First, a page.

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The Essential Child: Origins of Essentialism in Everyday Thought

Susan A. Gelman

Abstract

Essentialism is the idea that certain categories, such as “dog,” “man,” or “intelligence,” have an underlying reality or true nature that gives objects their identity. This book argues that essentialism is an early cognitive bias. Young children's concepts reflect a deep commitment to essentialism, and this commitment leads children to look beyond the obvious in many converging ways: when learning words, generalizing knowledge to new category members, reasoning about the insides of things, contemplating the role of nature versus nurture, and constructing causal explanations. This book argues a ... More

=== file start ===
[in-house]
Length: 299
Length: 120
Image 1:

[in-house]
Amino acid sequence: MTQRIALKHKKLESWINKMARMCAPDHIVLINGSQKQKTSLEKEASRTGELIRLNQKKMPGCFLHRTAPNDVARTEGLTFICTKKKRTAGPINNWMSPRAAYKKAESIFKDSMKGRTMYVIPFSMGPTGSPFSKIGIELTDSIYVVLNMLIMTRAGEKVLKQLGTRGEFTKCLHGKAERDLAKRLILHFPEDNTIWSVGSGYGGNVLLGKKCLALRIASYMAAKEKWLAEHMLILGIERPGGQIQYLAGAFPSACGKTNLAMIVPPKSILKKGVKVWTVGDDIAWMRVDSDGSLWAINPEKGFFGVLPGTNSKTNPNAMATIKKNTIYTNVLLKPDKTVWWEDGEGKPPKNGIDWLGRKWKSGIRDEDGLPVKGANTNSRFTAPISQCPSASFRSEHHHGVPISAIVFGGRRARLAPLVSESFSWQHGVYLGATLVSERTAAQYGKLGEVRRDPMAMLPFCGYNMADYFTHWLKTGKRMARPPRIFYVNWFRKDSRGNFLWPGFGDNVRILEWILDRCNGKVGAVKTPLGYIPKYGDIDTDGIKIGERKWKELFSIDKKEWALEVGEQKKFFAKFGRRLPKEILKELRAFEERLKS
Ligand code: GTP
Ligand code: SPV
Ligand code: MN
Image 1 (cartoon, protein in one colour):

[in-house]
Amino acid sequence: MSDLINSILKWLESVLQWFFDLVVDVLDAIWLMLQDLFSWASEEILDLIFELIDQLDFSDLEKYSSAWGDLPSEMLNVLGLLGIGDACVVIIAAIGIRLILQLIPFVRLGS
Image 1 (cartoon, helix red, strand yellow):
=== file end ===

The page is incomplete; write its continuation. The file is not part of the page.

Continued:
Keywords: essentialism, cognitive science, children, associative learning strategies, philosophy, empirical research, human concepts

Bibliographic Information

Print publication date: 2003 Print ISBN-13: 9780195154061
Published to Oxford Scholarship Online: September 2007 DOI:10.1093/acprof:oso/9780195154061.001.0001

Authors

Affiliations are at time of print publication.

Susan A. Gelman, author
University of Michigan
Author Webpage